Aberdeenshire councillors have approved plans for 500 houses at Trump International today.
A total of 2,918 objections were submitted to the proposals, one of which contained a petition with 18,722 names on it, but planning officers had recommended that permission be granted in principle.
Councillors agreed the project should be approved by 38 votes to 24.
The proposal for the land near Balmedie includes up to 500 houses and 50 holiday cottages alongside community facilities, shops, restaurants and supporting infrastructure.
Sarah Malone, the executive vice-president for Trump International Scotland, said “common sense had prevailed”, and argued that if there was a market in the north-east to build the five-star hotel that was originally in the plans, the Trump Organisation would “be the first ones to do it”.
She said: “This has been a very long planning process for this stage of the development.
“Today’s very strong recommendation is a clear endorsement by the north-east of Scotland that the Trump development to date is a success, and we want to build on that great foundation and bring forward the future phases of the site.
“We’re very confident that we have the resources and funds.
“Every stage of this process has been financed by the Trump organisation. We have no loans, no mortgages and no debt, and that is a matter of fact.”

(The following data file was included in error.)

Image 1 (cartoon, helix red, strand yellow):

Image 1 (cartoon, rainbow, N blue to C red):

Mid-Formartine councillor Jim Gifford, the leader of the council and Conservative group, was the first to speak during the discussions and put forward the motion to approve the plans.
He said: “I moved that we accept the officer’s recommendations.
“It is a significant departure from the local plan, and is very different from the application that was granted some 10 years ago, but as we heard very clearly today and at previous meetings time has moved on, and the situation has changed.
“The application in front of us is what we had to determine today, and I think the council made the right decision based on the information they had.”
Ellon and District councillor Richard Thomson, the leader of SNP group, put forward the amendment to refuse the application.
He argued that Aberdeenshire, and Scotland in general, is enjoying a period of relative prosperity, and lamented the loss of the large-scale hotel from the latest plans, which he said there was a market for in the north-east.
Mr Thomson said the original proposals “promised something transformational”, and added he believes the plans approved today are too much of a departure from what was originally put forward by the Trump Organisation.
He said: “What we were presented with was a significant departure from what was originally proposed, and that’s why I told the chamber that I believe we can do better than this.
“The development was phased in a very strict sequence for a reason, and I think it must now be considered a risk that we may not see all of the development delivered, no matter how strong he assurances from the applicant.”
The application was due to be considered earlier this year by the full Aberdeenshire Council but this was delayed after new information was submitted by Trump International Golf Links.
The development was part of the wider approved blueprint when the golf course was given consent back in 2008.
But since then, the Trump Organisation has been accused of breaking its promises by not building a second course and hotel, and instead moving forward a latter stage of its masterplan.
The developer denied it has reneged on its agreement, saying it has merely changed the phasing due to the “significant” economic unknowns.